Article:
When the Kansas City Chiefs defeated the Washington Football Team 31-13 on Sunday, the offensive line featured a new starter at right tackle: veteran offensive lineman Mike Remmers, who came in for second-year rookie Lucas Niang.
“You see, he battles,” quarterback Patrick Mahomes said of Remmers when he spoke to reporters on Wednesday. “I think that’s the biggest thing. He’s played a lot of different spots for us — but for other teams as well — and been in a lot of big games. So he knows what it takes.
“He knows how to get in there and battle, help bring those young guys along as well, and be a leader on that side of the line for us. He’s definitely a guy I’m glad we have on our team — and we have that depth where he can just step right in and play really good football.”
In 2020, Remmers started eight games (and the first two rounds of the playoffs) at right tackle in place of injured starter Mitchell Schwartz — before further injuries forced a disastrous move to left tackle for Super Bowl LV. After re-signing with the Chiefs, he entered camp as the starting right tackle — that is, until injuries of his own created an opening for Niang.
“I was just banged up during training camp,” Remmers admitted. “They have a great staff here that got me ready. Been practicing on the scout team and stuff like that. Just trying to stay ready for the opportunity — and happy to be back out there.”
Niang had started the team’s first five games — one of three rookie starters on a remade offensive line. After the rookie received treatment last week for a hamstring injury, the Chiefs decided to reinsert Remmers into the lineup. While we didn’t know about the change until pregame reports on Sunday, the Chiefs had decided to make the change days before.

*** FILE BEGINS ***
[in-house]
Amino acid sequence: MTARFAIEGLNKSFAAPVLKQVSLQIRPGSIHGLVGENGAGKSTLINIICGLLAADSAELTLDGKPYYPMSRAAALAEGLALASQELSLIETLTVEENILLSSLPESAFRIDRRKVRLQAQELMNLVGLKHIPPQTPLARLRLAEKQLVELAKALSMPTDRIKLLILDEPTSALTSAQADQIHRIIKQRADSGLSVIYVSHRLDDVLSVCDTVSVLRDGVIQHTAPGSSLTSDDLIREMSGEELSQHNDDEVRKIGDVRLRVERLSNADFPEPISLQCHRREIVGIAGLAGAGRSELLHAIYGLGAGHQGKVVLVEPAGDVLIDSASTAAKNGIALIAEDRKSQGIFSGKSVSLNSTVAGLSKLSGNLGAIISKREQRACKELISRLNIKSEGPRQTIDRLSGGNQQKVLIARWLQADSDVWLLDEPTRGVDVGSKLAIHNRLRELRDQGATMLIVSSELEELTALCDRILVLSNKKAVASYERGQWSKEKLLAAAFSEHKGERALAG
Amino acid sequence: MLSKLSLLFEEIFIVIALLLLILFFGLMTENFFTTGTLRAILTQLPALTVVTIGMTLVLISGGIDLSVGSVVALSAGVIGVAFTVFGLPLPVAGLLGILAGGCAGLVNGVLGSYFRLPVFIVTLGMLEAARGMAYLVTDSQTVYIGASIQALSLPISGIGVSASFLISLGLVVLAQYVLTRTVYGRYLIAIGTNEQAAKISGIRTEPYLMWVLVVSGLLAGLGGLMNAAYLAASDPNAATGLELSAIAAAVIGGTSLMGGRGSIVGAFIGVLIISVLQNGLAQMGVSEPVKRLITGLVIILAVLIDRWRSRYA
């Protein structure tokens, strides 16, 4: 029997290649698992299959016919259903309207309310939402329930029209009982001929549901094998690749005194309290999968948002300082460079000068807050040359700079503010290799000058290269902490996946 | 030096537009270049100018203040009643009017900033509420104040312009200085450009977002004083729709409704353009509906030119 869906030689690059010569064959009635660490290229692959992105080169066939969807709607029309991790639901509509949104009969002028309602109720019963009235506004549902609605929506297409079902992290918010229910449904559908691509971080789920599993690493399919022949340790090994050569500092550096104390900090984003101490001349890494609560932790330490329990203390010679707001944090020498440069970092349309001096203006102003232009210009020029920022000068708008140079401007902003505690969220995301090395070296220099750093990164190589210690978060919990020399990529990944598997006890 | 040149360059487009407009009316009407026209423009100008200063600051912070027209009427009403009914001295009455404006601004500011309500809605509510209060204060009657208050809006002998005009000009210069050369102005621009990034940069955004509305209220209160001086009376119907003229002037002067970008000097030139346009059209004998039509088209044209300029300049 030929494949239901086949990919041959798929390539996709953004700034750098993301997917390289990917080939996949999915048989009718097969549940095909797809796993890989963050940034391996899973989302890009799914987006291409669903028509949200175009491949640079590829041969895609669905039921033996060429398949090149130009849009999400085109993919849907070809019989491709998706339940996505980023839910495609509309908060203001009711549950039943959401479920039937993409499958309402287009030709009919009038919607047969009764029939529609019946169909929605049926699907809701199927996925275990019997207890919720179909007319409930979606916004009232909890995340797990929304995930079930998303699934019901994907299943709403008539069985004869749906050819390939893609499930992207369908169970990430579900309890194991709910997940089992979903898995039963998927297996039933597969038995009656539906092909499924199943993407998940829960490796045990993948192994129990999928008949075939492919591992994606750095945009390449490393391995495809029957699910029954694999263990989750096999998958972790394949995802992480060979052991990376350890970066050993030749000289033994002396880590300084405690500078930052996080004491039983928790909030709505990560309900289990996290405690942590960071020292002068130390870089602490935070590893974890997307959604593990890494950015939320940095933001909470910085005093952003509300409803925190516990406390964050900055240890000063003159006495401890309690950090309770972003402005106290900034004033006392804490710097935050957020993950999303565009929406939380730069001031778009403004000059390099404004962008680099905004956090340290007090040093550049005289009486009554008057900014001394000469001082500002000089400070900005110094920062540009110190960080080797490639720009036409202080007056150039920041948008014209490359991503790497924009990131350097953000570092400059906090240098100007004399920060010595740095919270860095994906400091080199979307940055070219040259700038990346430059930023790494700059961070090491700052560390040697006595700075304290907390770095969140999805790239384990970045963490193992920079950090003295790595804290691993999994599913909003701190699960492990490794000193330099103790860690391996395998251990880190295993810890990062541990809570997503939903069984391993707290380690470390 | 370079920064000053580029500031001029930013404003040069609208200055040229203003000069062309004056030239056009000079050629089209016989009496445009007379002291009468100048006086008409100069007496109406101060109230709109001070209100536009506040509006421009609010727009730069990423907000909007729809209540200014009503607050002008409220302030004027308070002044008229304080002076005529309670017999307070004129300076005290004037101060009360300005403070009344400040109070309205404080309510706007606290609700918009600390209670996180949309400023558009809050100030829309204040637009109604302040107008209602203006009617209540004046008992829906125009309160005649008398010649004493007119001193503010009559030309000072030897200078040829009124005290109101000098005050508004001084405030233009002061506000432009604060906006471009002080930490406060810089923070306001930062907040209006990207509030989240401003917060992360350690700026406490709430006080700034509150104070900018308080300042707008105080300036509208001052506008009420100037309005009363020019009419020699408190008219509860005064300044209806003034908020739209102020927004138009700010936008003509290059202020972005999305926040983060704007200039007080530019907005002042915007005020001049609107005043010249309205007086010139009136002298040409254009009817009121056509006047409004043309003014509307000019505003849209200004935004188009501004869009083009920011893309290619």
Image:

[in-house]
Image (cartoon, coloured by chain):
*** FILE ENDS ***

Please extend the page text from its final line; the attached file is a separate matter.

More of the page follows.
“They informed me on Wednesday,” recalled Remmers. “But I knew I had to go out and have a great practice. If I didn’t practice well — they’re not going to be confident in me going out and doing my job.
“It brings me so much joy and happiness being out on that field. Just being out there with my teammates — it’s an amazing feeling. [But I’m] not taking anything for granted — and enjoying every game I get.”
Though his poor play at left tackle in the Super Bowl will not be forgotten, Pro Football Focus gave Remmers earned a respectable grade of 70.1 for his work on the right side in 2020 — which is where he prefers to play.
“I have the most experience at right tackle — so it just comes a little more naturally for me,” he noted. “I feel comfortable at the left side — it just takes a little more work, and I have to think a little more. Right tackle — it’s just you tell me what to do, and I just do it. And I feel a lot more confident.”
With a decade of experience in the league, Remmers understands the reality that starting comes at the expense of another player. He took the time to touch on continuing to work with Niang.
“It’s incredibly difficult to be playing in the league — especially as a rookie,” he said of Niang’s situation. “That’s not an easy task. He’s been doing great. He’s improved a lot through the season — I’ve seen it. His technique has gotten a lot better. He’s a fighter, for sure. I know he’s always there supporting me — and I’m there supporting him. We bounce ideas and thoughts on the opponent each week. He’s a great teammate.”
Since the Chiefs made him available to reporters on Wednesday, we should expect Remmers to once again get the start for Sunday’s road game against the Tennessee Titans. Remmers hopes that the confidence the offense displayed in its dominant second half against Washington continues in Nashville.
“It felt like the whole offense — everything — was just clicking,” he said of the how his teammates played after halftime. “You can definitely feel it when it’s third and whatever — and you’re picking up first downs and not punting. You can feel the momentum shift. You can feel the defenses feeling it as well. The guys we are playing against — I feel like you can kind of tell that they are like, ‘They’re starting to click now.’ So we’re just trying to do that every snap now. That’s our goal.”